Frank Donaghue, Of Counsel with McNees Wallace & Nurick, discusses the effects of COVID-19 on the casino gaming industry, and how his work in the public and private sectors prepared him for a career in compliance.
You’ve held several leadership positions in your career. What makes a good leader, in your opinion?
Frank Donaghue: My experience has been that most attorneys would rather concentrate on their practice of law, as opposed to supervising attorneys or other employees. However, I’ve enjoyed leadership roles throughout my career, and I’ve had the opportunity to supervise attorneys in a number of my prior positions. One of the things I’ve always tried to do over the years, especially when discussing a complex issue, is to ask them what they think the best options are to resolve the issue. Then, I follow up by asking for their recommendation regarding those options. Those two questions really tell you a lot about the person you’re working with. Their answers let you see whether they’ve put in the time to think through a complex issue and determine what the various options for addressing it are, as well as whether they have confidence in suggesting ways that the issue should be dealt with. I’ve found that, more often than not, I will go with the suggested course of action, and that builds a lot of confidence in them, especially if you’re dealing with a young attorney.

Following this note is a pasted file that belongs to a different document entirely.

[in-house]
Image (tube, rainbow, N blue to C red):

What were some of the biggest challenges in going from the public to the private sector?
First, I want to say that some of the finest lawyers I’ve worked with in my career come from the public sector. Earlier in my career, I had an opportunity to work at the Pennsylvania Office of Attorney General, as the director of the Bureau of Consumer Protection. I also dealt with lawyers in other sections of the office, including those leading criminal investigations and complex civil matters, and they were truly some of the finest attorneys I’ve ever worked with. The same goes with the Pennsylvania Gaming Control Board, where I was the first Chief Counsel. We had to get that agency up and running ourselves. It was the first independent state agency to be created in Pennsylvania in more than 40 years, and we literally started with the initial procurement processes: from buying paperclips to computers and everything that goes with running a large organization. Then, right away, we started writing new regulations based on the laws and we launched a multi-million-dollar industry in about a year.
What I’ve experienced on the private side is that you must do more with fewer resources. My most recent position was as the Chief Compliance Officer at Penn National Gaming, which is a publicly traded corporation. The leaders of that company are committed to the interests of their shareholders, and they often wanted to know my thoughts in terms of my experience with government and how government officials might react to specific proposals. The transition from public to private has been fun for me. I’ve worked with a lot of great people on both sides, and I’ve found that my past experiences in state government have really helped on the private side.
What prepares a person for a career in compliance?